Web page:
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IN THE FEDERAL COURT OF THE COMMONWEALTH OF REDMONT
UtahCowboy21 v Commonwealth of Redmont  FCR 31
I. PLAINTIFF'S POSITION
1. Criminal records are records held and owned by the government, not individuals. They are thus government records.
2. The Executive Standards Act does not forbid individuals from obtaining the criminal records of others.
3. The lack of a classification for criminal records under the Classification Act means that criminal records are unclassified and thus public.
II. DEFENDANT'S POSITION
1. To obtain the criminal record of an individual requires the consent of that individual.
2. The Executive Standards Act requires that DOJ handles criminal records, instead of the DOS. The plaintiff's request for the DOS to provide criminal records is thus unactionable.
3. The executive branch may exercise discretionary power to protect constitutional rights, which would include protecting the privacy of citizens and their criminal records
III. THE COURT OPINION
1. The Executive Standards Act is silent on whether or not citizens can access the criminal records of others. The court will not make inferences on what this Act intended to happen if a citizen requested another citizen's criminal record.
2. The Classification Act states that any government information not assigned a classification is to be considered "unclassified" and thus public. Furthermore, the same Act creates classifications on the basis of damage to government and national security. Criminal records can hardly be considered a threat to the government and national security. Since criminal records are created and maintained by the government for the public good, it is reasonable to consider such records to be government records, and thus subject to the Classification Act.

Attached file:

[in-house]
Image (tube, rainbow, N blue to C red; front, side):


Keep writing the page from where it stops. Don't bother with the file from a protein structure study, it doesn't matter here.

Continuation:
3. Freedom of information requests are handled by the DOS and criminal records are managed by the DOJ. Although a freedom of information request for criminal records would require the involvement and cooperation of both departments, such an effort can be considered within the bounds of a "reasonable attempt" in accordance with the Classification Act. The executive branch regularly has multiple departments work together. Inter-department cooperation is neither an undue burden nor particularly difficult. Therefore, it is reasonable to expect the DOS to make a "reasonable attempt" to work with the DOJ to provide criminal records for a freedom of information request.
1. I hereby rule in favor of the plaintiff.
2. The emergency injunction from the beginning of this case is now lifted.
3. I am ordering the following permanent injunction: when a person requests the criminal records of any person via a freedom of information request, the Commonwealth of Redmont is to make a "reasonable attempt" in accordance with the Classification Act to provide the requested criminal records. This "reasonable attempt" shall include any necessary cooperation between executive departments and offices.
4. I order the defendant to pay the plaintiff $650 in legal fees.
5. I order the State Department to make a "reasonable attempt" to provide the criminal record of wetc to the plaintiff, as the plaintiff had previously made such a freedom of information request. This "reasonable attempt" shall include any necessary cooperation between executive departments and offices.
The Federal Court thanks all involved.